Because beans, fruits and vegetables are high in fiber and packed with other essential nutrients, they all make excellent additions to a healthy meal plan. Eating beans, fruits and vegetables in recommended portions can help you maintain a healthy body weight. In fact, vegetarians -- who often eat ample amounts of fruits, beans and vegetables -- usually have lower body mass indexes, blood cholesterol levels, blood pressure and incidences of stroke, Type 2 diabetes and some cancers than non-vegetarians, according to a December 2010 article in the journal, “Nutrition in Clinical Practice.”
Eating plenty of fruits, veggies and beans -- such as garbanzo, pinto, black and kidney beans -- helps you meet your daily fiber needs. This in turn helps reduce your risk for developing high blood cholesterol and heart disease. The Dietary Guidelines for Americans for Americans, 2010 suggests that men need 38 grams of fiber and women require 25 grams of fiber daily. The U.S. Department of Agriculture reports that a cup of pinto beans provides 15 grams of dietary fiber, a cup of broccoli contains 5 grams and one large orange provides just over 4 grams of fiber.
While most fruits and many vegetables are low in protein, some vegetables -- including beans and peas -- are excellent sources of dietary protein. The recommended protein dietary allowance as provided by the Institute of Medicine is 46 grams for women, 71 grams during pregnancy and 56 grams of protein daily for men. While a large orange contains about 2 grams of protein, 1 cup of broccoli provides about 4 grams, a cup of pinto beans contains 15 grams and 1 cup of green peas provides 8 grams of dietary protein.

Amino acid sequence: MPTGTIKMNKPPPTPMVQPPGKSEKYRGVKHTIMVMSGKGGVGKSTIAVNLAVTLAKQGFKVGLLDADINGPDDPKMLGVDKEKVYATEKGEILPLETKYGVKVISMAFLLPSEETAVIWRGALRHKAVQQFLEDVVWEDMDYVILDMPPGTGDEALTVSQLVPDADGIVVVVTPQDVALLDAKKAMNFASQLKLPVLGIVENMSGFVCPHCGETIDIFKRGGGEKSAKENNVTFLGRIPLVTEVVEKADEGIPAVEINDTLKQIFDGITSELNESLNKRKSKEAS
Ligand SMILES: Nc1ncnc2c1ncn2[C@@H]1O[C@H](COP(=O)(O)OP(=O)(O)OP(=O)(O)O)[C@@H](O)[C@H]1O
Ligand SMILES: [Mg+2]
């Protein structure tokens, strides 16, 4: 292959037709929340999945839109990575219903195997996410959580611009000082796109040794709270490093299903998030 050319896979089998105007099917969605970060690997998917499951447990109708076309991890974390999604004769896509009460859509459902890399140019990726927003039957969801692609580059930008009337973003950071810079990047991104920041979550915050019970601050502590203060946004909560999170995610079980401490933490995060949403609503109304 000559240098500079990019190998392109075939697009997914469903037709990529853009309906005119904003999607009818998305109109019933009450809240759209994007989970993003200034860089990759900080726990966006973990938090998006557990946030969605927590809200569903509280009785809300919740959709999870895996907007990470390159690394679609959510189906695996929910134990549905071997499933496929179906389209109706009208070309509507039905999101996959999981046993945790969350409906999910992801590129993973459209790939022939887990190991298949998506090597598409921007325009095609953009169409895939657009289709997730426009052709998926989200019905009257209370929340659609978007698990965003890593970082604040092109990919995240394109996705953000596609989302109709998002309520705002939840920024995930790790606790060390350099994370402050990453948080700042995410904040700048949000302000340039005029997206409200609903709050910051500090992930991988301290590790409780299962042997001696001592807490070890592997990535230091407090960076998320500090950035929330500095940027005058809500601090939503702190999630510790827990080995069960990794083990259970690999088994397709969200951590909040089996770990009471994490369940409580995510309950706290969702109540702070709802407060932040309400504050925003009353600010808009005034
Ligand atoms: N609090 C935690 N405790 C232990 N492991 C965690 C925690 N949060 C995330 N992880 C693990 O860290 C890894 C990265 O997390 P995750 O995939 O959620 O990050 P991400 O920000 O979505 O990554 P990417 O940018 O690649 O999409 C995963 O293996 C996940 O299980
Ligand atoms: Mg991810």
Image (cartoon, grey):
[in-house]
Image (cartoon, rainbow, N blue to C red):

Food Group Categories
Fruits are part of the fruits food group, while vegetables are included in the vegetables food group. However, because beans and peas -- also known as legumes – are rich in protein, they can be counted in either the vegetable or protein food groups, according to the Dietary Guidelines for Americans, 2010. ChooseMyPlate.gov reports that while 1 cup of beans or peas is a 1-cup equivalent from the vegetables group, one-quarter cup of these legumes counts as a 1-ounce equivalent from the protein food group.
The amount of fruits, vegetables and legumes you should eat daily depends on your total daily calorie needs for healthy weight management. The Dietary Guidelines for Americans, 2010 estimate many men require 2,000 to 3,000 calories daily, while women generally need 1,600 to 2,400 calories per day, depending on age and activity level. These guidelines suggest eating 2 cups of fruits, 2.5 cups of vegetables and 5.5 ounces of protein foods when consuming 2,000 calories per day, and eating 2 cups of fruits, 3.25 cups of vegetables and 6.5 ounces of protein foods when following a 2,500-calorie meal plan.
- Nutrition in Clinical Practice: Nutrition Concerns and Health Effects of Vegetarian Diets
- U.S. Department of Agriculture, U.S. Department of Health and Human Services: Dietary Guidelines for Americans 2010
- U.S. Department of Agriculture National Nutrient Database for Standard Reference Release 26: Basic Report: 16043, Beans, Pinto, Mature Seeds, Cooked, Boiled, Without Salt
- U.S. Department of Agriculture National Nutrient Database for Standard Reference Release 26: Basic Report: 11091, Broccoli, Cooked, Boiled, Drained, without Salt
- U.S. Department of Agriculture National Nutrient Database for Standard Reference Release 26: Basic Report: 09200, Oranges, Raw, All Commercial Varieties
- Institute of Medicine: Dietary Reference Intakes: Macronutrients
- U.S. Department of Agriculture National Nutrient Database for Standard Reference Release 26: Basic Report: 11313, Peas, Green, Frozen, Cooked, Boiled, Drained, without Salt
- ChooseMyPlate.gov: What Counts as a Cup of Vegetables?
- ChooseMyPlate.gov: What Counts as an Ounce Equivalent in the Protein Foods Group?